In the world of intravenous vitamin therapy, the Myers’ cocktail really started it all. Today’s modified version builds on what John Myers, MD, formulated to treat a number of clinical conditions. From asthma to migraine, fatigue to fibromyalgia, the Myers’ cocktail has proven effective. Here’s what to know about the therapeutic use of intravenous nutrients in the Myers’ cocktail — and where to find one in Reno.
What’s in a Myers’ cocktail?
Today’s modified version of the Myers’ cocktail uses high doses of B vitamins, vitamin C, magnesium and calcium, which is combined with sterile water. Dr. Myers developed and administered the first IV vitamin infusions in the 1970s, and this was his basic recipe. In the decades since, research has show that a slow IV push of these nutrients is more effective at reaching high concentrations than taking oral supplements.
What conditions does it treat?
Dr. Alan Gaby, a very well-known nutritional medicine expert, became a major proponent of Dr. Myers’ work. He worked with many of Dr. Myers’ patients and learned that the IV therapy had successfully treated a surprisingly wide range of clinical conditions. In his experience with more than 15,000 infusions of the Myer’s cocktail, he found it effective for:
- acute asthma attacks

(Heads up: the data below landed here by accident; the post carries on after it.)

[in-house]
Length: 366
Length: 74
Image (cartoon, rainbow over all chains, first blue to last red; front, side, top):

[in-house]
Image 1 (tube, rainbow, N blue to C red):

- fatigue, including chronic fatigue syndrome
- acute muscle spasms
- chronic sinusitis
- seasonal allergies
- chronic depression or anxiety
Yale researchers conducted a randomized controlled study to evaluate the effects of Myers’ cocktail therapy on patients with fibromyalgia, with clinically significant improvement following the treatments. It was the first controlled pilot study establishing the safety and feasibility of treating fibromyalgia with intravenous micronutrient therapy, and specifically the Myers’ cocktail, and researchers concluded that while the study subjects did experience relief, no statistically significant differences could be claimed.
Is a Myers’ cocktail safe?
Yes. The vitamin and minerals used in the Myers’ cocktail have nutritional benefits and a low potential for serious side effects. Some people receiving the infusion may experience a warming sensation, which likely has to do with the magnesium. An infusion administered too quickly can also lower blood pressure, which makes people feel lightheaded. And it’s important to keep in mind that any IV infusion has a low risk of pain, infection, or inflammation at the injection site, which is why it’s so important to seek care from reputable clinics and registered nurses only.
Ready to learn more?
If you’re looking for a Myers’ cocktail in Reno, schedule a treatment with the experienced team at Boost. Looking for more information? We’re happy to help! Contact our team today and let’s get your questions answered.